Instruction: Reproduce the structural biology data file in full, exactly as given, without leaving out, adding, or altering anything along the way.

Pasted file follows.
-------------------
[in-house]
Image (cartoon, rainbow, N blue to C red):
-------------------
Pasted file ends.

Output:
[in-house]
Image (cartoon, rainbow, N blue to C red):